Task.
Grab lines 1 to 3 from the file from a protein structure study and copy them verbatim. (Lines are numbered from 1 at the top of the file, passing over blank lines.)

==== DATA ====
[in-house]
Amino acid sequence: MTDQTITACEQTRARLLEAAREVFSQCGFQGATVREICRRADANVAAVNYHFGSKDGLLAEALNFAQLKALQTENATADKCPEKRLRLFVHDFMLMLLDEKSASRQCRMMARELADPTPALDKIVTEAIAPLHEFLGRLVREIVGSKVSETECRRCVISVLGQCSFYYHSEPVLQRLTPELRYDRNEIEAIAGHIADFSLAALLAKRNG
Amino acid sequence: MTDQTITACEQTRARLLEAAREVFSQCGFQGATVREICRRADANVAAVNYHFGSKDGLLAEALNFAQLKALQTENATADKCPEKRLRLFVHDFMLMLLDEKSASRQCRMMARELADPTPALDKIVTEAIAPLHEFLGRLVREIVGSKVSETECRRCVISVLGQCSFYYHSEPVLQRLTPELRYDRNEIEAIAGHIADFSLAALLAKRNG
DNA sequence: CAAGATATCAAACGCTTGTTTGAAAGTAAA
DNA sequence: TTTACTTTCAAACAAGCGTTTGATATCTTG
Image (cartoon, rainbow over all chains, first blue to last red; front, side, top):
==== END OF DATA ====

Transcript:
[in-house]
Amino acid sequence: MTDQTITACEQTRARLLEAAREVFSQCGFQGATVREICRRADANVAAVNYHFGSKDGLLAEALNFAQLKALQTENATADKCPEKRLRLFVHDFMLMLLDEKSASRQCRMMARELADPTPALDKIVTEAIAPLHEFLGRLVREIVGSKVSETECRRCVISVLGQCSFYYHSEPVLQRLTPELRYDRNEIEAIAGHIADFSLAALLAKRNG
Amino acid sequence: MTDQTITACEQTRARLLEAAREVFSQCGFQGATVREICRRADANVAAVNYHFGSKDGLLAEALNFAQLKALQTENATADKCPEKRLRLFVHDFMLMLLDEKSASRQCRMMARELADPTPALDKIVTEAIAPLHEFLGRLVREIVGSKVSETECRRCVISVLGQCSFYYHSEPVLQRLTPELRYDRNEIEAIAGHIADFSLAALLAKRNG